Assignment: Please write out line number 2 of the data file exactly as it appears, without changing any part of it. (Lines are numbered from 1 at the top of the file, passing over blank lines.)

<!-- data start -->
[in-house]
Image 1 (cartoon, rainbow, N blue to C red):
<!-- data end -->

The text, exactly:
Image 1 (cartoon, rainbow, N blue to C red):